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Easing off the accelerator again, Mrs. Fischer gestured toward the trees. “Even in daylight they look real, but they aren’t.”


“They aren’t Joshua trees? Then what are they, ma’am?”


As we coasted forward, she said, “Just try to ram the gate, and you’ll find out.”


A nine-foot chain-link barrier, topped with coils of concertina wire with razor-sharp projections, loomed out of the rain, and Mrs. Fischer braked to a stop before it.


Fixed to the gate, a large ominous metal sign featured a skull and crossbones in each corner. Red letters warned: EXTREME DANGER / BIOLOGICAL RESEARCH STATION / VIRAL DISEASES / FLESH-EATING BACTERIA / TOXIC SUBSTANCES / DEADLY MOLDS / DISEASE-BEARING TEST ANIMALS / ADMITTANCE ONLY TO PROPERLY INOCULATED PERSONNEL. Those words were repeated at the bottom of the sign in Spanish.


Mrs. Fischer said, “That’s just Mazie and Kipp’s way of saying ‘Private property, keep out.’ ”


“Probably works. Who’s Kipp?”


“Her husband. You’ll love him.”


“I thought it was just her and her two sons.”


“Well, dear, she’s a woman, not a paramecium. She didn’t just split in two a couple of times to produce Tracker and Leander.”


“Ma’am, the way things have been going lately, I take nothing for granted.”


From her purse, she retrieved her cell phone and placed a call. “Hi, Mazie. It’s Lulu from Tuscaloosa.” She waved at the gate, which I took to mean that a concealed camera was trained on the windshield. “Well, he’s my new chauffeur.” She reached out to pinch my cheek. “Yes, he’s adorable.”


Because it seemed to be the polite thing to do, I waved at the camera, wondering if it could detect the blush of my embarrassment.


Mrs. Fischer said, “Oh, that’s just because he dawdles. And since we’ve got an emergency we have to get to, I took the wheel.” She listened for a moment, said, “Thank you, Mazie, you’re a sweetheart,” and terminated the call.


I said, “Lulu from Tuscaloosa?”


As the gate began to roll aside, she said, “Oh, that’s just sort of my secret password. When you’re in the line of work that Mazie and Kipp are in, you need passwords and codes and cryptograms, that kind of thing.”


“What is their line of work?”


“Being helpful, dear.”


“That’s a pretty broad job description.”


“Being helpful, but only to those who ought to be helped.”


She coasted through the open gate, and I said, “How do Mazie and Kipp decide who ought and who ought not?”


“Well, they take new business only by referral from people they trust. And Mazie has the very best bullshit detector ever. And then there’s Big Dog.”


We came to a halt in a cage, chain-link overhead as well as on all sides, another gate directly in front of us. The gate behind us rolled shut.


As we waited, I said, “Who’s Big Dog?”


“When you see him, you’ll know. There just couldn’t be any other name for him.”


Slanting through the chain-link and the concertina wire, some of the raindrops battered and shaved themselves into a fine mist. Chaotic gusts of wind spun those ravelings of fog into half-formed dancers with featureless faces, as ragged as anything that had been long in grave clothes, and waltzed them across the cage, out into the open night.


“Ma’am, I hate being all questions, but—what are we waiting here for?”


“They’re checking out the car to be sure no one else is in it, because maybe we came here under duress.”


“How are they checking it out?”


“Beats me. Techie stuff. They’re probably scanning for insect spy drones, too, though I’m sure there isn’t one in the car.”


The gate in front of us rolled open, and Mrs. Fischer drove into a large compound that must have had a reliable water source, like an artesian well, because a forest of phoenix and queen palms tossed in the wind. Mazie had made an oasis for herself.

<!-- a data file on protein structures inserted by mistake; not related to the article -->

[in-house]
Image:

Mrs. Fischer followed a gravel driveway, which appeared to be bordered by beds of succulents. She parked under a portico that, on blistering Mojave days, would shade the front of the house.


Neither the portico nor the residence was elegant. From what I could see, the single-story structure sprawled over as much as ten thousand square feet, but it was built of poured-in-place steel-reinforced concrete left in its “natural” finish, with a flat roof. It looked more like a bunker than like a home, with narrow deep-set windows that featured small French panes within stainless-steel frames and muntins that flashed silver in the headlights.


When we got out of the Mercedes, lights came on in the ceiling of the portico.


“Way out here, they must have their own generator,” I said, raising my voice to be heard above the keening wind that thrashed the palm fronds.


“Lots and lots of solar panels,” Mrs. Fischer said as she took my arm and pretended that I was helping her to the front entrance. “Plus two gasoline-powered generators, one to back up the other.”


“What are they—survivalists?”


“No, dear. They just like their privacy.”


More suitable to a vault than to a home, the stainless-steel door opened, and before us stood a fifty-something guy with a shock of red hair and lively green eyes. He had a face as sweetly appealing as that of Bill Cosby, a face of such likability that he would have been perfect to play the father in a TV-sitcom family, not in any contemporary show but in one made back in the day when sitcom dads were more real and less grotesque than they are now, when everyone still knew that families matter, when the word values meant something more important than the sales prices at the currently cool clothing store where you buy your gear.


He wore white tennis shoes, khakis, a white T-shirt, and a full-length yellow apron on which were printed the words KITCHEN SLAVE, and he was wiping his hands on a dishtowel. At the sight of Mrs. Fischer, he broke into a killer smile that would have been hard to match even by Tom Cruise or a golden retriever. “Come in, get out of that nasty night.” As he ushered us across the threshold, he tucked the towel in an apron pocket. He took Mrs. Fischer’s hands, brought them to his lips, kissed them, not as a courtly Frenchman might have done, but as a son might have kissed the worn and aged hands of a beloved mother.


He said, “We were so happy when we heard about Oscar.”


“Kipp, dear, you’re as kind as ever. Oscar waited a long time for his big moment, and I’m sure he found the wait worthwhile.”


“No suffering?” Kipp asked.


“Not for someone who’d so completely gotten back his innocence. Oscar had been smooth and blue for years.”


“It’s just great news.”


“When the people at the funeral home gave me the ashes in an urn, we all drank some Dom Perignon. You know how much Oscar liked Dom Perignon.”


Turning to me, Kipp said, “You must be Edie’s new chauffeur.”


“Yes, sir. Thomas is the name.”


We shook hands, and he said, “May I call you Tom?”


“That’s as good as anything, sir.”


“Please call me Kipp.”


“Yes, sir.”


He would never need a knife to spread a pat of butter on his toast. That smile would quickly melt it.


“Have you had dinner?” he asked.


“Yes, sir. Back in Barstow.”


“We ran into Chandelle and Gideon outside the restaurant,” Mrs. Fischer told him.


Our host said, “That was an amazing thing they did last December in Pennsylvania.”


“Wasn’t it, dear? And for ever so long, poor Pennsylvania has needed something amazing to happen there.”